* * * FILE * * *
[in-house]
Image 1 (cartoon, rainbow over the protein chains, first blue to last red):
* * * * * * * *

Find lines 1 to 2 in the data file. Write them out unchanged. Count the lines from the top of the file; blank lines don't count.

[in-house]
Image 1 (cartoon, rainbow over the protein chains, first blue to last red):